The Scope of Data is Limited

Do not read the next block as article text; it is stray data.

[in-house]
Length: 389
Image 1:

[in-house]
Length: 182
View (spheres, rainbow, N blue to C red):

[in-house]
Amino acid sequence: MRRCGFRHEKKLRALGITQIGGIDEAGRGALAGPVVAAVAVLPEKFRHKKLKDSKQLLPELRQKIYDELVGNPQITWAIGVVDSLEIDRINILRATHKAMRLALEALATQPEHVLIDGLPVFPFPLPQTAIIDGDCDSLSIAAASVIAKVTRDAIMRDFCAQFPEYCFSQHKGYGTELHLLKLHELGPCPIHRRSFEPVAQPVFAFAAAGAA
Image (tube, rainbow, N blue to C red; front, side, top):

While it is clear that Latinos in the US are disproportionately affected by gun violence, the true scope of the impact is difficult to see. Aggressive federal immigration policies have a chilling effect on Latinos’ willingness to talk to police.11Hamutal Bernstein et al., “Adults in Immigrant Families Report Avoiding Routine Activities Because of Immigration Concerns,” Urban Institute, July 2019, https://urbn.is/3bJuErK. Practices like Immigration and Customs Enforcement officers appearing at hearings for protective orders have made immigrant domestic abuse survivors less likely to report the abuse.12Tahirih Justice Center et al., “Immigrant Survivors Fear Reporting Violence,” June 2019, https://bit.ly/2IWgp5U (national survey finding that three out of four advocates and attorneys reported that immigrant domestic abuse survivors have concerns about going to court for a matter related to the abuser/offender, and over 76 percent reported that immigrant survivors have concerns about contacting the police). Fear of police inquiries into their immigration status or the status of someone they know has made US-born Latinos less likely to report being victimized by a crime.13Nik Theodore, “Insecure Communities: Latino Perceptions of Police Involvement in Immigration Enforcement,” Department of Urban Planning and Policy, University of Illinois at Chicago, May 2013, https://bit.ly/3m7VNK3. Additionally, certain cultural elements shared by many members of the Latino community, including histories of dictatorial leadership in Latin America and demographic status as ethnic minorities in the US, make many Latinos wary of law enforcement.14See, e.g., Nicole Santa Cruz, Ruben Vives, and Marisa Gerber, “Why the Deaths of Latinos at the Hands of Police Haven’t Drawn as Much Attention,” Los Angeles Times, July 18, 2015, https://lat.ms/2DHWXKH.